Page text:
As Google moves more and more towards algorithmic solutions, taking advantage of artificial intelligence and machine learning to both improve results and fight spam, manual actions will tend to fade away and ultimately will completely disappear in the long run.
If your website has been hit with a manual actions, the first thing you need to do is understand what behavior triggered it. That usually means that, first and foremost, you should have a comprehensive understanding of Google’s Technical and Quality Guidelines, and evaluate your website against them.
It’s easy to let yourself get caught up juggling all the steps and pieces of information at the same time. But, trust me, this is not the time to let the sense of rush, stress and anxiety take the lead. You want to be thorough, rather than fast.
Also, you want to keep to a minimum the amount of times you submit a reconsideration request. Don’t act like you are playing trial and error. Just gather all the information, do a clean sweep on your website, and fix everything. Then, and only then, submit a reconsideration request.
Recovering from manual actions
There’s the misconception that, if you are hit with a manual actions and you lose traffic and rankings, you will return to the same level once the manual actions has been revoked. This couldn’t be further from the truth. You see, a manual actions aims to suppress unfair leverage. So, it wouldn’t make sense to return to the same organic performance after a cleanup and the manual action lifted, otherwise that would likely mean you weren’t benefiting from whatever was infringing on the Quality Guidelines.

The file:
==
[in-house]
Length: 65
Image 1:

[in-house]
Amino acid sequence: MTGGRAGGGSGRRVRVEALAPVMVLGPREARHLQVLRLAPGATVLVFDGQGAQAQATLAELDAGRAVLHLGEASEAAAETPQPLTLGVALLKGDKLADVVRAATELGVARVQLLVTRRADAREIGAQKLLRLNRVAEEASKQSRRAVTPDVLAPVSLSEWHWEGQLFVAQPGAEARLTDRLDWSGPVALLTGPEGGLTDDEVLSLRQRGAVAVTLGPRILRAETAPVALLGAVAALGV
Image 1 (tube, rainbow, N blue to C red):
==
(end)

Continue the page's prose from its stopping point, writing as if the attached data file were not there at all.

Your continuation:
Any website can recover from almost any scenario. The cases where a property is deemed unrecoverable, are extremely rare. Nevertheless, you should have a full understanding of what you are dealing with. Bear in mind that manual actions and algorithmic Issues can coexist. And, sometimes, you won’t start to see anything before you prioritize and solve all the issues in the right order. So, if you believe your website has been impacted negatively in search, make sure that you start by looking at the Manual Actions view in Search Console, and then work your way from there.
Unfortunately, there’s no easy way to explain what to look for and symptoms of each and every algorithmic issue. Unless you have seen and experienced many of them, algorithmic issues can throw you off as they not only stack, but sometimes have different timings and thresholds to hit before they go away. The best advice I can give is: think about your value proposition, problem that you are solving or need that you are catering. And don’t forget about asking feedback from your users. Ask their opinions on your business and experience you provide on your website, or how they expect you to improve. When you ask the right questions, the results can be extremely rewarding
Rethink your value proposition and competitive advantage: We are not in .com boom anymore. Having a website is not a competitive advantage on its own.
Treat your website as a product and innovate constantly: If you don’t push ahead, you’ll be run over. Successful websites constantly improve and iterate.
Research your users’ needs, through User Experience: The priority should be your users first, Google second. If you’re doing it any other way, you’re likely missing out. Talk to your users and ask their opinions.
Technical SEO matters, but alone will not solve anything: If your product/content doesn’t have appeal or value, it doesn’t matter how technical sound and optimized it is. Make sure you don’t miss on the value proposition.
Opinions expressed in this article are those of the guest author and not necessarily Search Engine Land. Staff authors are listed here.